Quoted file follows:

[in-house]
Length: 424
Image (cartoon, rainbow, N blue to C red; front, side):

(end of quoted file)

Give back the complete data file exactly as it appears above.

[in-house]
Length: 424
Image (cartoon, rainbow, N blue to C red; front, side):